Dejar has not been introduced either in the present or past tense yet so how are users supposed to recognise this spoken word?!

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Reply2 years ago

https://www.duolingo.com/KarenM566674

that's what I was thinking! I didn't even know what verb was being conjugated, how can you remember an irregular verb conjugation if you don't even know what the verb is?

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Reply1 year ago

https://www.duolingo.com/HelenWende1

General past tense question: I have heard the term, "preterit" a lot on the forums. What is the difference between "preterit" and past tense? (Is there a difference?) Also, is the corre t spelling "preterit" or "preterite"? I've seen both.

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Reply3 years ago

https://www.duolingo.com/Melita2

Helen, For me, past tense is a general term for any past tense, whereas preterite / pretérito is the simple past. Simple means only one word involved, not two as in compound tenses. The preterite tense is not easy, and all the most used ones are irregular and just have to be memorized.

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Reply13 years ago

https://www.duolingo.com/HelenWende1

Thanks!

0
Reply3 years ago

https://www.duolingo.com/AAFlaca

This is the verb "dejar." Have they used it before? AND it's irregular. Do most people use supplemental material when they get to this point on Duolingo? Deje, dejaste, dejo, dejamos, dejaron ((Preterit tense of Dejar without accents)

5
Reply2 years ago

https://www.duolingo.com/vsaturday

I have not used supplemental material to this point, but feel I may need to start.

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Reply2 years ago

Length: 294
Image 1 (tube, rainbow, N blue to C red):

https://www.duolingo.com/BarbaraMorris
BarbaraMorris
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Yes, I think most people do use supplemental material. My understanding is that Duolingo deliberately didn't add their own reference material, since everyone using Duolingo has access to the internet.

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Reply2 years ago

https://www.duolingo.com/Sina-90

Same here... So many new words and most verbs are irregular... These lections are killing me...

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Reply3 years ago

https://www.duolingo.com/kyra.rae

Can dejó mean 'He LEFT a while a go' and 'He LEFT the food' ? are they the same thing?

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Reply2 years ago

https://www.duolingo.com/BarbaraMorris
BarbaraMorris
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No, the "went away" meaning of "LEFT" is "salió" (salir) or "se fue" (irse).

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Reply2 years ago

https://www.duolingo.com/GlennAshle

I put "he let food in my house." It was marked wrong. But my son lets his friends bring food into my house, even though it's against the rules. But how would you say that in Spanish?

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Reply3 years ago

https://www.duolingo.com/Hhowell4694

permitir - to permit, let, etc

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Reply2 years ago

https://www.duolingo.com/vlastaris

I thougt lesson one said dejó meant 'tell' but really means 'left'

1
Reply2 years ago

https://www.duolingo.com/vsaturday

I thought so too. That is why I'm here to see if someone else thought that too.

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Reply2 years ago

https://www.duolingo.com/Hhowell4694

You are thinking of decir, I'm sure. It is irregular as heck in the preterit and does not carry a written accent. the él form would be dijo.

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Reply2 years ago

https://www.duolingo.com/drmorts

Why can it not be ..."He left the food in my house" en = in , what changes it to at in this sentence ?

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Reply1 year ago

https://www.duolingo.com/g1hodg
g1hodg
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Could "quedar" also be used in this example?

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Reply11 months ago